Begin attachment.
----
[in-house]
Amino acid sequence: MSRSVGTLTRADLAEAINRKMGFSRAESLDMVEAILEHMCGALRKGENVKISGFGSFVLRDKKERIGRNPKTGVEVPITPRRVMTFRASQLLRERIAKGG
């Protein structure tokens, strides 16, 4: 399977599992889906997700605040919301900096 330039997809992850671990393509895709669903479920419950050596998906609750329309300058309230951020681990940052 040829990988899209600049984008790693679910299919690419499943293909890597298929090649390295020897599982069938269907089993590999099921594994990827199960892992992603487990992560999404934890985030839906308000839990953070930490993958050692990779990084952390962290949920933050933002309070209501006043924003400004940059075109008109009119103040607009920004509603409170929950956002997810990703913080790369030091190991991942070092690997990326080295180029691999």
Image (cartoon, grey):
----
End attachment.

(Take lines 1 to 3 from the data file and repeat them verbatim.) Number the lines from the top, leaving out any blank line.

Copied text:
[in-house]
Amino acid sequence: MSRSVGTLTRADLAEAINRKMGFSRAESLDMVEAILEHMCGALRKGENVKISGFGSFVLRDKKERIGRNPKTGVEVPITPRRVMTFRASQLLRERIAKGG
């Protein structure tokens, strides 16, 4: 399977599992889906997700605040919301900096 330039997809992850671990393509895709669903479920419950050596998906609750329309300058309230951020681990940052 040829990988899209600049984008790693679910299919690419499943293909890597298929090649390295020897599982069938269907089993590999099921594994990827199960892992992603487990992560999404934890985030839906308000839990953070930490993958050692990779990084952390962290949920933050933002309070209501006043924003400004940059075109008109009119103040607009920004509603409170929950956002997810990703913080790369030091190991991942070092690997990326080295180029691999």